Sizzle, the sound food makes when you add it to a hot pan. That is what Xèo translates to in English - Sizzle, or in this case, the sound the batter makes when it hits the smoking hot skillet. Bánh translates to cake; Bánh Xèo = Cake Sizzle or Sizzling Cake if you want to Romanize it.
Depending on which area of Vietnam (North, Central, or South) you’re visiting, the varieties of Bánh Xèo will differ. You can find it in restaurants and very common as street food that won’t break the bank.
You’re probably wondering if Bánh Xèo is so familiar and delicious, why have you - a foodie, a lover of all food - not heard of it? When most people think of Vietnamese food, they think of Pho and Banh Mi. While both are amazing and two of my favourites, there is a plethora of Vietnamese food that would blow away your pallets.
Though yes influenced by colonialism (French), Vietnamese cuisine is famous for its use of flavours and complementary textures and freshness ingredients. There’s a reason why your hot bowl of Pho is served with cold, crisp vegetables on the side. Vietnamese cooking always includes elements of salty, sweet, sour, bitter and spicy and textures that provide crunch and freshness. I’ve never heard anyone say, “I don’t like Vietnamese food”. Though we have to clear up one thing, Bánh Xèo is 100% Vietnamese - not influenced by the French. Back to the Bánh Xèo.
Lien and I grew up eating this savoury pancake/crepe dish on special occasions. My mom added mung beans to her dish, and I always have the good intentions to add it to mine as well, but never remember to soak them ahead of time. I think it tastes better without - Sorry, Mom!
The rest of the ingredients are still the same; however, sometimes, the accompanying herbs and side dishes differ based upon what I can find in my local stores.
Warning… Bánh Xèo isn’t a dish meant to be eaten alone. The recipe makes around 10 pancakes. I can eat two of these bad boys by myself if I’m starving. They are best eaten fresh; you can eat the pancakes the next day, but the Bánh Xèo itself won’t be crispy.
Serving Note: You must serve this with Nuoc Cham (a fish sauce-based condiment); that’s the only thing I’ll say you can’t deviate from if you don’t want to use shrimp, cool beans. But if you try and eat this with soy sauce or ketchup, we will need to have words. I’ll include a recipe for you.
Cool fact: If you’re eating Gluten Free and Dairy Free, this pancake recipe is for you!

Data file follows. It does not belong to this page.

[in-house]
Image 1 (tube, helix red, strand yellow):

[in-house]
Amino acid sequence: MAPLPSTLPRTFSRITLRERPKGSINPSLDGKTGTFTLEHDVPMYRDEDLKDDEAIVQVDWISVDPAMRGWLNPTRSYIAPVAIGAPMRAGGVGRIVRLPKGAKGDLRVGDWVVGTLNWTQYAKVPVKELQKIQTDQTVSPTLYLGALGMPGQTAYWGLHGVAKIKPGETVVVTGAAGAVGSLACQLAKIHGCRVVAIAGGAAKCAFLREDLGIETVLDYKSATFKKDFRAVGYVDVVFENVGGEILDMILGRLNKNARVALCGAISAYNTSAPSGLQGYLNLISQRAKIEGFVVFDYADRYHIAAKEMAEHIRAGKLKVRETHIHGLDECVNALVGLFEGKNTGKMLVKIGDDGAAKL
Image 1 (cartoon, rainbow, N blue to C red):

For the batter
450 grams or 2 cups + ¾ cup + 1 tablespoon cups cup rice flour
50 grams or ¼ cup + 1 tablespoon potato or tapioca starch
1/2 teaspoon salt
1/4 teaspoon turmeric powder (more if you want it super yellow)
400 ml can of coconut cream (not coconut milk)
250 ml of soda water + more if you need it thin out the batter
2 scallion thinly sliced
1 large yellow onion, thinly sliced into half-moon shapes
16 oz pork belly, thinly sliced
16 oz shrimps, peeled and deveined
2 cups bean sprouts
Nonstick frying pan with lid
Oil (neutral like vegetable or canola)
Nuoc Cham (Dipping Sauce)
1 cup of water
6 tablespoons fish sauce
4 tablespoons white vinegar
6 tablespoons sugar
2 tablespoons lime juice
2 long red chilli, finely chopped (One seeded, one deseeded)
3 garlic cloves, grated or finely chopped
Green lettuce, or red lettuce
Perilla (shiso leaves)
Make your dipping sauce first. Combine, stir to dissolve the sugar, place it into a jar and put it in the fridge.
Combine and mix your dry ingredients. Then add your coconut cream (make sure you shake the can) and your soda water. Stir the ingredients together. If your mixture is too thick, add your water slowly. You want the batter to be thin and runny. If the batter is too thick, add more water. Add your sliced scallions, stir, cover, and put it in the fridge for at least 30 minutes. While your batter is resting, prep the rest of your ingredients.
Frying your Bánh Xèo.
When it’s time to fry your Bánh Xèo, heat your frying pan on medium heat. Make sure it’s HOT. Fry your meat, then shrimp and onions. Stir your batter with your ladle and ladle in enough batter until it covers the surface of your pan. Don’t add too much, or your Bánh Xèo will be too thick, add your bean sprouts. Pop the lid on your frying pan and cook for a minute and a half on medium heat.
Take the lid off the pan, and drizzle a small amount of oil around the edges of your Bánh Xèo, and cook for an additional minute.
Fold the Bánh Xèo over, making sure your Bánh Xèo is crispy. I like mine extra crispy, so I let mine cook for an additional minute.
Transfer to a plate, and start on your next pancake! Enjoy with the herbs of your choice.
How to eat:
Break off a piece of the Bánh Xèo, place it in the middle of your lettuce leaf, add whatever fresh herbs an accompaniments you want, then dip your rolled Bánh Xèo into your sauce; shove into your mouth and be amazed!
This time, I served it with lettuce, cucumbers, and chives. I didn’t want to make a run to the store for all the herbs (you know … pandemic).
My lovely friend Carla and her husband Jeff tested the recipe for me and gave it two thumbs up! Looking forward to Jeff making his own and sharing the results with us :)